Infographic: Visualizing Corruption Around the World
Published 1 year ago on February 1, 2019
Visualizing Corruption Around the World
Growing levels of public sector corruption can stifle a country’s economic growth while also chipping away at political freedom.
Which parts of the world are perceived to be most corrupt – and further, how does this data differ between regions, and how has it trended over time?
The Corruption Perception Index (CPI)
Today’s chart pulls its numbers from the recent 2018 Corruption Perceptions Index report, which has been published by Transparency International annually since 1995. The report scores 180 countries, and is considered the world’s most widely-used barometer for corruption.
However, before we dive in to the data, it’s worth taking a quick look at the methodology behind the report:
- The CPI attempts to measure perceptions about corruption in a country, rather than corruption itself
- Specifically, it is focused on the public sector of countries, which includes governments and government-run institutions
- The CPI is a composite index, using the results from 13 separate reports and surveys to calculate an overall score
- Scores range from 0 (most corrupt) to 100 (most clean)
Finally, it’s also worth noting that in the chart, we’ve added in government types as rated by the Economist Intelligence Unit – they range from “Full Democracy” to “Autocratic Regime”.
The Most and Least Corrupt Places
What do experts and businesspeople see as the most and least corrupt global regions?
|Region||Average Score (CPI)|
|Western Europe & EU||66|
|Middle East & North Africa||39|
|Eastern Europe & Central Asia||35|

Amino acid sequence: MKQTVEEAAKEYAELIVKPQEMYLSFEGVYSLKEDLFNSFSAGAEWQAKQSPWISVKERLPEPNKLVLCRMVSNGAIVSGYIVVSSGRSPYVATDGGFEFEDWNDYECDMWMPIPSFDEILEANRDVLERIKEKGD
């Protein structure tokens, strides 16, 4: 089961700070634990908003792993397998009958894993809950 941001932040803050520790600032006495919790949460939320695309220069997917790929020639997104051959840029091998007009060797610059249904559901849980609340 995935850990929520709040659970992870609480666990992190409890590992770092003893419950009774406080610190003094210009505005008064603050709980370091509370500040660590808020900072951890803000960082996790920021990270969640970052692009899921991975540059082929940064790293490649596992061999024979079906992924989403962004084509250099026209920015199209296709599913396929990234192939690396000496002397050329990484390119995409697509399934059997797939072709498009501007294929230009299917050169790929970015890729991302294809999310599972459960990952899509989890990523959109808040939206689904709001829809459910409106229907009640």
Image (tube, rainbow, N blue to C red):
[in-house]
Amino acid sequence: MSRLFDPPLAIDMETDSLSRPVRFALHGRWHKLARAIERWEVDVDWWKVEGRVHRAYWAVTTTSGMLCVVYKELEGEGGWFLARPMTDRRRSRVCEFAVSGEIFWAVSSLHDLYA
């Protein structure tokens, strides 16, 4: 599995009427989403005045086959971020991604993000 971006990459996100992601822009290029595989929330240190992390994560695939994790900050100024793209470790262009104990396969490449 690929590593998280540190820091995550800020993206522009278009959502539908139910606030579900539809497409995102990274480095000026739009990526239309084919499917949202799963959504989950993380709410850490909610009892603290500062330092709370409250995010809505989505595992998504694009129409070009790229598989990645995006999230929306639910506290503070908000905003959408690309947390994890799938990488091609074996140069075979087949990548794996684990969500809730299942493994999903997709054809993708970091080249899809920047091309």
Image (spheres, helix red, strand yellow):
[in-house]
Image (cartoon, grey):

Western Europe has the highest score on average, while Sub-Saharan Africa has the lowest (most corrupt) average score. The Americas ranks just above the global average score of 43, mainly because the average is skewed by the lower scores of many countries in Latin America (such as Venezuela) and the Caribbean (such as Haiti).
Now, let’s look at the top 10 countries overall:
|Rank||Country||Score (CPI)||Government type||Region|
|#1||Denmark||88||Full democracy||Western Europe & EU|
|#2||New Zealand||87||Full democracy||Asia Pacific|
|#3||Finland||85||Full democracy||Western Europe & EU|
|#3||Singapore||85||Flawed democracy||Asia Pacific|
|#3||Sweden||85||Full democracy||Western Europe & EU|
|#3||Switzerland||85||Full democracy||Western Europe & EU|
|#7||Norway||84||Full democracy||Western Europe & EU|
|#8||Netherlands||82||Full democracy||Western Europe & EU|
|#9||Luxembourg||81||Full democracy||Western Europe & EU|
Here’s also a look at the world’s 20 most populous countries:
As the report notes, the relation between democracy and corruption appears to be quite clear: the more democratic a regime is, the less corrupt it is perceived to be. Using the Economist Intelligence Unit rankings, there are no “Hybrid” or “Autocratic” regimes that come anywhere near the top 10.
The closest may be the U.A.E. – which is classified as an Autocratic Regime – which has a CPI score of 70, good for 23rd place globally.
Trends Over Time
Over the last seven years, the report notes that there were a few specific countries that have consistently trended in one direction or another.
Hungary: The country has seen a -9 point change to its CPI score since 2012, dropping to 46 points in total. That’s just a notch above the global average.
Turkey: Turkey’s rating has deteriorated from 49 to 41 over the 2012-2018 time period.
Argentina: The South American nation has seen its score rise by eight points over the 2012-2018 time period.
Guyana: Guyana has gained nine points – a significant improvement over its original score of 28 at the start of that time period.
What will be the next country to jump up (or down) the list – and what factors will lead to this change in perception?
Note: The color-coding on the map has been updated to better reflect CPI scores. Ukraine was incorrectly classified as an Autocratic Regime.